Speech by Mr. Louis Ng Kok Kwang, MP for Nee Soon GRC, at the Second Reading of the Womens’ Charter (Amendment) Bill (Bill No. 43/2021)
Parting ways with someone you used to love or perhaps still love may not be an easy process. When a child is involved, it could get even harder.
Going through a divorce is an emotionally draining period and we should our best to help fellow Singaporeans. We should make sure that our policies don’t make the divorce process more acrimonious.
The proposed amendments to the Women’s Charter are a step in the right direction. They modernise our marriage processes, allow for no-fault divorces and expand divorce support programmes.
They acknowledge the reality that marriage, despite our best hopes and efforts, may break down. In such situations, our laws should help everyone affected, especially the children, move on.
But I hope we can do more, much more. I have three suggestions to make.
Resolving mutual consent for HDB flat during divorce proceedings.
My first suggestion is with regard to parents with shared care and control. Couples know that if they get shared care and control of their child, they will have to fight each other for who gets to list their child as an occupier in their application for a HDB flat. Essentially, who gets subsidised public housing. If one party gets sole care and control, then he or she is guaranteed this subsidised public housing.
Is it in the best interest of the child for their parents to have a more acrimonious divorce? We know that having a roof over your head is essential and perhaps one of the biggest worry following a divorce, especially for the lower-income.
Sir, will the government consider working with family courts and changing its policies to provide children of such parents with less housing instability?
We know that our courts are increasingly ordering divorced parents to have shared care and control. Such orders have almost doubled in recent times, comprising 9.5% of court judgments in 2020, up from 5.6% in 2016.
As mentioned, HDB requires such parents to obtain mutual consent from the other parent before listing their child as an occupier in an HDB flat application.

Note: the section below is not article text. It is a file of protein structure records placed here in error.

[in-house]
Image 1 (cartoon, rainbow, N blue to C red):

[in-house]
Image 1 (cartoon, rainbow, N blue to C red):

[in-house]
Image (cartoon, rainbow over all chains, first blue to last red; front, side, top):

This creates three problems, all of which are bad for the children.
First, during divorce proceedings, parents may fight more aggressively for sole care and control to secure their right to apply for a subsidized HDB flat.
Second, after divorce, parents may continue fighting over this issue of mutual consent.
Third, when one parent refuses to grant consent, the other parent and their child may be stuck in housing instability. This affects the child’s material and emotional wellbeing.
I know those with difficulties can appeal. Since 2016, HDB has granted 13 out of 20 such appeals, and approved another 7 rental flat applications related to shared care and control cases.
But allowing appeals does not resolve any of the above three problems. Our policies may still create tension, conflict and instability as a default for children in such situations.
I have three proposals for fixing this policy.
First, the Ministry should work with the family courts to enable the courts to settle the question of mutual consent at the stage of divorce. If both parents reach an agreement, it should be stated in the Matrimonial Property Plan, and reflected in the divorce judgment. If they do not, each parent should present their reasons to the judge, who can make an order on which parent gets to list the child as an occupier.
This is not overly intrusive, as judges already settle property matters during divorce proceedings, such as by dividing the matrimonial property. Divorce rulings also already decide on custody, care and control, and division of matrimonial assets, which are equally contentious. So why not housing?
Second, HDB should drop its requirement for mutual consent as long as the other parent already owns private property.
Third, HDB should automatically allow both parents to list the child as an occupier if both parents are of lower incomes.